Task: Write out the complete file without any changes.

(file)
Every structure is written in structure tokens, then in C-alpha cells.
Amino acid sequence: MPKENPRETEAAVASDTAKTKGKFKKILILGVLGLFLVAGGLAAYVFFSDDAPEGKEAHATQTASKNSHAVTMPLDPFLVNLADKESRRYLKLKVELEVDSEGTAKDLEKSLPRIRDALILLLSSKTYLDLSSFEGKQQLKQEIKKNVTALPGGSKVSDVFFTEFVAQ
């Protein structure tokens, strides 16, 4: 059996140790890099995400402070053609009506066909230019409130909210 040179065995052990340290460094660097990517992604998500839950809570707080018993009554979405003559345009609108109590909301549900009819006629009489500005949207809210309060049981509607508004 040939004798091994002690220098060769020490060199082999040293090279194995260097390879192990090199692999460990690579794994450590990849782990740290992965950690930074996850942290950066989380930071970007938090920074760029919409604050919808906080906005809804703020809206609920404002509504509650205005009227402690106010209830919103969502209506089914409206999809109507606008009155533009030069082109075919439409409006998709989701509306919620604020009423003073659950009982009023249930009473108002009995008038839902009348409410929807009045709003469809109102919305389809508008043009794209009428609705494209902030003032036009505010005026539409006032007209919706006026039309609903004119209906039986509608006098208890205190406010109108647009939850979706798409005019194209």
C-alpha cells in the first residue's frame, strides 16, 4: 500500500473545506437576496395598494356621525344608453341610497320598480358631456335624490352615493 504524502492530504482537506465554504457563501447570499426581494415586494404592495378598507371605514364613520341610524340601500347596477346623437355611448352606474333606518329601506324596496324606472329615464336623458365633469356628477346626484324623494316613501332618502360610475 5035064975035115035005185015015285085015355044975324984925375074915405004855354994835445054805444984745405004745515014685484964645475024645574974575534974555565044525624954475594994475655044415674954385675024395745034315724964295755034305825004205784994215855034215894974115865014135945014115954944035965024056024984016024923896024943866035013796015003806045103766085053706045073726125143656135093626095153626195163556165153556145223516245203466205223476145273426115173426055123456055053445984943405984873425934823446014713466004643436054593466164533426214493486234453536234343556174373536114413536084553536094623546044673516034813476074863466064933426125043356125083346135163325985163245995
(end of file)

Every structure is written in structure tokens, then in C-alpha cells.
Amino acid sequence: MPKENPRETEAAVASDTAKTKGKFKKILILGVLGLFLVAGGLAAYVFFSDDAPEGKEAHATQTASKNSHAVTMPLDPFLVNLADKESRRYLKLKVELEVDSEGTAKDLEKSLPRIRDALILLLSSKTYLDLSSFEGKQQLKQEIKKNVTALPGGSKVSDVFFTEFVAQ
């Protein structure tokens, strides 16, 4: 059996140790890099995400402070053609009506066909230019409130909210 040179065995052990340290460094660097990517992604998500839950809570707080018993009554979405003559345009609108109590909301549900009819006629009489500005949207809210309060049981509607508004 040939004798091994002690220098060769020490060199082999040293090279194995260097390879192990090199692999460990690579794994450590990849782990740290992965950690930074996850942290950066989380930071970007938090920074760029919409604050919808906080906005809804703020809206609920404002509504509650205005009227402690106010209830919103969502209506089914409206999809109507606008009155533009030069082109075919439409409006998709989701509306919620604020009423003073659950009982009023249930009473108002009995008038839902009348409410929807009045709003469809109102919305389809508008043009794209009428609705494209902030003032036009505010005026539409006032007209919706006026039309609903004119209906039986509608006098208890205190406010109108647009939850979706798409005019194209």
C-alpha cells in the first residue's frame, strides 16, 4: 500500500473545506437576496395598494356621525344608453341610497320598480358631456335624490352615493 504524502492530504482537506465554504457563501447570499426581494415586494404592495378598507371605514364613520341610524340601500347596477346623437355611448352606474333606518329601506324596496324606472329615464336623458365633469356628477346626484324623494316613501332618502360610475 5035064975035115035005185015015285085015355044975324984925375074915405004855354994835445054805444984745405004745515014685484964645475024645574974575534974555565044525624954475594994475655044415674954385675024395745034315724964295755034305825004205784994215855034215894974115865014135945014115954944035965024056024984016024923896024943866035013796015003806045103766085053706045073726125143656135093626095153626195163556165153556145223516245203466205223476145273426115173426055123456055053445984943405984873425934823446014713466004643436054593466164533426214493486234453536234343556174373536114413536084553536094623546044673516034813476074863466064933426125043356125083346135163325985163245995